The poem is based on John the author’s life, after his best friend had subjected him to a mental asylum, so he himself could run away with John’s wife. John claims complete sanity and wrote the poem “I Am” as a way to vent his helplessness; he never intended the poem to be read by anyone else, which adds to its overall effect. Right from the beginning, two main idea’s are portrayed to us the reader; firstly that the author is suffering and that this suffering is in part inflicted by himself; also there is the idea that there is a living impression to the poem.
In the first stanza the extent of the author’s unhappiness with life becomes painfully obvious. He evidently realises the vicious cycle that his life has become is somewhat self-inflicted, with his problems being given extra air time by his own psyche. This is emphasised with the phrase “I am the self consumer of my woes”. Furthermore, literary techniques such as alliteration, similes and metaphors in the opening stanza give the poem a living impression.
“Friends forsake me like a memory lost” – this simple use of a simile in conjunction with alliteration highlights the melancholy and lifelike tone to the poem. The two phrases “Into the nothingness of scorn and noise, Into the living sea of waking dreams” and “I long for scenes where man has never trod; a place where woman never smil’d or wept” are two that intrigued me. Whilst they both used different techniques with different direct messages behind them, there was a similarity between them that fascinated me.
The author’s greatest need and want is to be seemingly separate from all that defines human emotion and the processes involved in living a full life. With the first phrase, the complete contrast of reality with its appearance to the author shows how his life has become almost a parallel universe to him. He longs for a place where emotion is not defined, because it does not exist. In heaven, his ‘ideal’ world, there are no complications. There are no enormous highs or lows that swing our personalities into a place we don’t recognise.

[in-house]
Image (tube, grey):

The quote “above the vaulted sky” highlights this and creates the perfect end to a poem which is filled with such regret and wish for distance from his life. This use of metaphorical language portrays in a final flourish that all the author wants and needs, is to be locked away from the troubles of his life, never again to experience all the things that made him feel. By the author describing his life in this manner, we too, question whether or not he is in fact insane and or just depressed to the point of suicide. The truth is not we nor no one else will ever know the answer to this.
However, the poem then goes further and makes us question our beliefs into how we should treat and diagnose the mentally ‘insane’. This conflict is highlighted for us the human race when we consider all the past occurrences in history where we as humans have judged and consequently subjected innocent people to the likes of prison, asylums and concentration camps. Despite the modernisation of our planet have we really changed to the point we are fair to judge a person insane and make them suffer as a result? This is the ultimate question I feel the poem asked us as the reader.
The poem’s “Aftermath” and “I Am” were similar in the fact that they were both discussing highly emotive topics within our society and they both showed their respective internal effects on an individual. However the main difference was that in “Aftermath” Siegfried used a social platform and his respectability to enable his message to be projected to the world, while in “I Am” John uses the poem as a way to express his inner emotion, similar to that of a diary. His poem wasn’t intended for anyone else, he only wanted to express his unhappiness to himself.
This highlights the key difference of the poems. Although both sent strong emotive messages to the reader, “I Am” sent a slightly stronger message as it not only showed the effects depression has on an individual but that they can also no longer work in conjunction with society and therefore resort to themselves, as John did with his poem. I thoroughly enjoyed both poems and recommend both “Aftermath” and “I Am” to anybody that is both willing to be empowered by people of experience and willing to question society’s status quo’s.